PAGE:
Welcome to my BYC Blog and Coop Contest Entry
Much of my earlier experience is documented at my YouTube page. I drove a 7 hour round trip to Ideal Poultry two days before Christmas so I could get 8 chicks. They can only ship a minimum of 25 so they can keep each other warm in shipping, so I had the heat up in the car all the way back. We joked about naming them Comet, Cupid, Donner, Blitzen, Dancer, Prancer, etc. This was alright until we lost one as we learned one of our dogs thought it was a new toy. He jumped 4 feet into the air and snapped the poor babies head off before I knew he left the ground. The dogs cannot be trusted. I would need to keep them apart.The roof hinges open for raiding or quick cleaning. Then I came up with a couple of ideas for windows. There was a glove display at work with a clear domed top made of high impact clear plastic. After explaining how inconvenient this would be for customers buying gloves, the dome top was MINE! Here is the result:
Another mistake I made was to think they would be in the 3'x 2.5' x 1' cage until early spring when I planned to build the coop. WOW! they grew fast. I had to rush into the build. Lucky for me, they were throwing away some MDF panels at work. This would be the outside skin. We had some PolyCarbonate roofing panels left from an attempt at a deck roof. All I needed were a few studs, a plan and some screws and nails. Time for the plan:
Click on the picture for more detail.
Earlier, I made nest boxes using culled pine I got as part of a large bundle at Lowe's. $20 goes a long way if you can work with warped wood in various dimensions. These boxes are modular, removeable and they open from the outside so you can raid the eggs without going inside the coop or run. I spaced the studs of my coop walls so I could make cuts:
This cut is about 14" wide and 12" tall.
Then I inserted the nest box and used a 2 x 2 inside to hold it in place.
Two screws and it's out for cleaning.
The outside has cedar shingles and a hook & eye keeps it shut from predators.
Then I was snatching some of the wife's Christmas candy when I got the idea for the smaller windows. The Ferrero Chocolates case was made of two curved edge, clear plastic shells. I removed the labels and framed them to fit under two of the nest boxes.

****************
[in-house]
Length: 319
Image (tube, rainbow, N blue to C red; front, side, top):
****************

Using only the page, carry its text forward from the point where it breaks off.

Another gadget idea was to make a removeable solid floor over a wire floor with the whole thing elevated. The origin of this came from the debate of wire floor against solid floor. The real benefit was in cleaning the coop. Not only could I slide the bottom out for ventilation, but it made it easy to clean and easy to replace. When it gets worn or nasty, I can buy a 4 x 8 sheet of plywood or Masonite and just slide it home. The foot I cut off (the coop bottom is 4 x 7) is used as a squegee to wipe it clean. Here it is pulled out:
The PVC items on the right hold a week of food which gravity feeds into dispensers inside the coop. The 4" tubes allow the hen to peck for food with her head inside the tube. This cuts waste down to almost NONE. You just have to make sure they stay dry inside. I had to glue the upward pointing seams and put coffee cans over the top and I always check for moisture. Here is what they look like now:
The new waterer is a covered 3 gallon bucket suspended inside the run. There are three 360 degree nipples I got from Farmtex.com drilled into the bottom of the bucket close to the outside edge. The thing in the middle is a toilet fill valve which brings the level to two gallons when I turn on the water hose supply for a couple of minutes. Even though I add vitamins to the water each week, the water stays fresh and clean.
The open space under the roof now has wire covering the inside and a hinged lid for the outside. I can open it for ventilation or buckle it down for bad weather.
I added a back door so I could reach half way through from either side. Now that the run is completed, you can see my sliding door.
Following is another inside view as well as a few details. The front door latch is a 100 year old rim latch with brown mineral knob from my antique collection. The latch for the screen is also 100 year old Eastlake design. Before chickens, I collected antique door hardware. I added some roosts.
So now, I have the front of the run planned.
It will have a rock based raised bed with native plants in front to keep my dogs, coons or possums out. I'm doing this so I don't have to dig down to bury wire. Recently (after a soaking rain) I drove bamboo stakes 12" deep every 2 to 3 inches at the base of the wood fence to prevent critters from digging into the run.
So, if none of this has enticed you to visit my YouTube site, maybe this will.......